Johann Georg Fischer
|Johann Georg Fischer|
Bust by Emil Kiemlen, 1900
Johann Georg Fischer (25 October 1816 – 4 May 1897) was a German poet and playwright.
After Johann finished his studies in Tübingen between 1831 and 1833, he began to work as a teacher assistant at different places, including Langenau and Ulm. After a further study as a school teacher, he went to Stuttgart in 1845 to teach at the elementary school. He became school master as well as the leader of the economic school in the city. In 1857 he gained the title of Doctor of Philosophy. Between 1862 and 1885, he worked as a professor later as a master professor at the Oberen Stuttgarter Realschule.
As a poet, Fischer may be regarded as the last noteworthy representative of the traditional Swabian School. He was not in sympathy with the naturalism of his time, and was influenced chiefly by the poetry of his countryman Schiller, although several of his productions suggest the influence of Goethe, Hölderlin, and Mörike.
Fischer developed his unique style in poetry and writing dramas during his years in Stuttgart. Early in life, he showed deep interest in nature and many of his poems show this influence. He excelled in popular songs and ballads, and in his love songs nobly idealized nature and passion. His 24 speeches on the occasion of the birthday of Schiller were especially popular.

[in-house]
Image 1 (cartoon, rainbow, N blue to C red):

For his works, he gained the title of honorary citizen in Marbach am Neckar. Some of his admirers were wont to call him “Der schwabische Frauenlob” (the Swabian praiser of women). His seventieth birthday was a huge festival in Stuttgart. He died in Stuttgart.
His four dramas are:
- Saul (1862)
- Friedrich II von Hohenstaufen (1863)
- Florian Geyer (1866)
- Kaiser Maximilian von Mexico (1868)
His other works, practically all of them published in Stuttgart, were:
- Gedichte (1838)
- Dichtungen (1841)
- Gedichte (1854)
- Aus dem Leben der Vögel (1863) In this work, he notes the characteristic phenomena of the psychic life of animals with the acuteness of a naturalist and the sympathy of a poet.
- Neue Gedichte (1865)
- Den Deutschen Frauen (1869)
- Aus Frischer Luft (1872)
- Neue Lieder (1876)
- Merlin. Ein Liederzyklus (1877)
- Der Glückliche Knecht. Ein Idyll (1881)
- Auf dem Heimweg (1891)
- Mit Achtzig Jahren (1896)
||This article includes a list of references, related reading or external links, but its sources remain unclear because it lacks inline citations. (May 2013)|
- Rines, George Edwin, ed. (1920). "Fischer, Johann Georg". Encyclopedia Americana. This work in turn cites:
- Fischer, H., Erinnerungen an J. G. Fischer von seinem Sohne (Tübingen 1897)
- "Fischer, Johann Georg". New International Encyclopedia. 1905.
- Adolf Bartels (1904), "Fischer, Johann Georg", Allgemeine Deutsche Biographie (ADB) (in German) 48, Leipzig: Duncker & Humblot, pp. 569–574